Longtime speculation became reality Tuesday when it was announced that the parent company of The Villages Regional Hospital is being sold.
University of Florida Health announced the acquisition of Central Florida Health (CFH), which also includes Leesburg Regional Medical Center. The facilities will be renamed UF Health The Villages Hospital and UF Health Leesburg Hospital, according to a news release from UF Health.
It’s unclear how the acquisition will affect other properties owned by Central Florida Health – the TVRH Rehabilitation Hospital located inside the Villages hospital’s North Tower, an urgent care located on the Leesburg hospital’s campus, Alliance Labs and LRMC Senior Behavioral Health Center.
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The acquisition of the two local hospitals provides UF Health with 660 acute care beds in the tri-county area. The mega-healthcare organization already owns the world-renowned UF Health Shands Hospital in Gainesville and UF Health Jacksonville – both highly regarded level one trauma centers.
Many Villagers and area residents already are familiar with Shands and have received advanced care there, including those who have been flown to the Gainesville facility via ShandsCair helicopters after being critically injured in vehicle crashes or suffering from medical conditions like debilitating strokes.
The purchase of CFH didn’t come as a surprise, largely because UF Health already had its fingers in the community through a partnership with the hospitals’ not-for-profit owner that was announced in February 2018. Under that agreement, the two providers promised to “collaborate” on new health initiatives to expand access to leading-edge patient-care programs and clinical studies for tri-county residents.
The two entities vowed to explore the creation of primary care physician training opportunities at both hospitals. The demand for primary care doctors remains on the rise as The Villages continues to build new homes at breakneck speed in the Villages of Southern Oaks portion of the community while eyeing similar growth in Leesburg.
Tuesday’s announcement also comes four days after The Villages unveiled a separate pact with UF Health. That agreement promised “exclusive talks” between the sprawling retirement community and UF Health to “transform” regional healthcare, including the creation of a comprehensive health care campus and a new general acute-care hospital in the community.
That agreement caught many area residents and medical professionals off guard and led to rampant speculation about the out-of-town healthcare provider also acquiring the primary-care-driven Villages Health system, which also includes specialists who will be housed in the new Center for Advanced Healthcare at Brownwood on State Road 44 when it opens in the coming year.
The acquisition also includes CFH’s new 24-hour freestanding emergency room that’s being built on State Road 44 in Wildwood, not far from The Villages Health’s new specialty care building and the outpatient-room-providing Brownwood Hotel & Spa. That ER is expected to open sometime in January, according to The Villages Regional Hospital’s website.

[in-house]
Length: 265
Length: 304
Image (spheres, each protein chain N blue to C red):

Tuesday’s release from UF Health promises that the CFH acquisition will “strengthen and improve” the availability of high-quality, efficient and affordable health care for tri-county residents. It also says that the construction of a new acute-care hospital in association with The Villages “will be considered,” as well as facility improvements and new equipment and technologies.
Dr. David Nelson, who serves as president of UF Health and senior vice president for health affairs at the University of Florida, said his organization is prepared to expand healthcare options for tri-county residents.
“We are looking forward to working with community physicians who practice at the hospitals and others on the healthcare team to serve the needs of the community and bring the latest healthcare advances to the region,” he said.
Don Henderson, president and CEO of CFH, touted UF Health for being at the forefront of a variety of clinical and research advances.
“We’re looking forward to being able to offer additional depth and new alternatives for local residents requiring specialized care in areas where there is a growing community need, while also ensuring they are able to easily obtain primary care,” he said.
Ed Jimenez, who serves as CEO of UF Health Shands, agreed.
“The patient is at the center of everything we do,” he said. “We are excited about maximizing treatment options, improving coordination of care, offering the latest medical breakthroughs and exploring new opportunities related to our community service, medical education and research activities.”
Jimenez added that the overall goal is to create a “national model” for healthier communities promoting healthier living throughout the region. Part of that goal in The Villages is to create “America’s Healthiest Hometown” – the same goal The Villages Developer announced in 2013 in a venture with the University of South Florida that failed 18 months later. In that agreement, USF Health had committed to provide specialists working alongside Villages Health primary care doctors and extensive research opportunities but the organization pulled out after losing millions of dollars on the venture.